11. Completely agree with point 3. Notice the PPP polls: PBO romping away in swing states. That’s because the likely voter model is different for a presidential election than for a midterm. The GOP basically benefited from one last cycle of the old electoral behavior, where Dem voters don’t come out for midterms. I think with 2012, and after 2 years of GOP House control, that will change. We have to make sure it changes and stays changed.

  12. My gf just called and asked why I was happy. I said “History is happening”. I wasn’t expecting to wake up to this.

  13. It reminds me more of the storming of the Bastille — although hopefully without a descent into Terror and then a Napoleon figure.

  14. As someone else in this thread asked: Who would’ve thought those words coming out of Arabs just two years after the end of the GWB administration?

  15. I liked the following, by Bill Clinton, during the Democratic National Convention in August 2008:

    “We should not lead through the example of our power, but through the power of our example”.

    Here you have a statement of American Exceptionalism that even I can live with.

    President Barack Hussein Obama just did that – and let us all rejoice in the effect !

  16. Wow that quote brought tears to my eyes.

    What this President has accomplished without hatred, but simple acknowledgement of basic human wants and desires, and with his “forceful beliefs” and advocates on the rights of others, is incredible.

    Yes the Egyptians took change into their hands and they own their independence. What they did was incredible, and awe-inspiring, but they were inspired by the words of this great man.

    They saw that change WAS possible if you tried.

    President Obama lit the match for the ideas of freedom – without a single bomb, without killing anyone, without words of hatred and fear.

    I am grateful for a leader like President Obama!! It just sickens me that he is like pearls before swine – the PL and the Right wing nut jobs who can’t appreciate the greatness in front of them.

  17. What has happened in Egypt has really damaged al Qaeda more than anything Bush did, and probably more than anything currently going on in Afghanistan.

    I can just imagine what OBL is thinking seeing cheering rowds in Egypt showing that much love for the President.

  18. NY Times article on President Obamas speech

    But President Obama’s statements yesterday were a big step forward, and his speech just now was pitch perfect. It’s our job as journalists to criticize, but I thought he got it exactly right. He put the United States unambiguously on the side of Egypt’s youth and future and freedom, all while making it clear that Egypt’s future is up to Egyptians to decide.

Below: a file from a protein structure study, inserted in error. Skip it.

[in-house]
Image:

http://kristof.blogs.nytimes.com/2011/02/11/obama-leaves-wishy-washy-behind/

  19. They’re all great! I also liked these:
    1. His speech on patriotism during the campaign – it was sober and true.
    2. His inauguration speech – very deep, but simple, too.
    3. The speech he made to the House Dems the night before the Health Care vote – this is my absolute favorite.
    4. Election night.

  20. Oh – and I really like the one he did yesterday about Broadband. There was something so inspiring about tying America’s history to the future.

  21. What I love about that tie is that it really reflects the journey they’ve been on. From all those days ago, that tie made the move all the way to the White House. Quite a tie.

  22. He has packed more in two years than any president in history. His next six years will be more like 12yrs. He has sit the bar so high for the next person. I have never been more proud to be an American since he was voted into office and sworn in.


  23. 4. OBL will be captured within 2-4 years (if still alive)

    I am quite sure that what we have witnessed in the past few hours made Osama bin Laden obsolete.

    For terrorists to have traction, you need people in desperate situations.

    Unless the rest of the Middle East (including Israel) remains the same, in spite of the Egyptian Revolution, this will be history.

  24. One more (I could do this all afternoon), the “Just Words” speech was pretty good, too. And so apt today. ok – I’m done.

  25. Good to see Kristof writing this. I was truly upset by his column yesterday, accusing the president in “betrayal of Egypt’s facebook generation”.

  26. This reminds me that little Chris Matthews is having a special for Clinton on President’s Day, calling him the “President of the World”. He might want to revisit that title.

  27. We are so lucky (and so is the rest of the world) that we have such an amazing President at this time in history.

  28. I am thankful to you, BWD for this site. I say that so much because I really do find comfort, intellectual interaction in conversations, news that is open and hones, and the fair and respectfulness that is shared with all of you. You keep this a place of calmness, respect, and informative. Thank you so much,BWD!!!!

    Our President of the United States did it again today! His speech was perfect and on point. What a gift we have to enjoy. Let us point all of our positive energies toward his re-election in 2012. We need this wonderful man as our President going forward. Much to be thankful for today. Thanks to all of your comments here as well. I love you all with so much respect and appreciation. Thank you!!!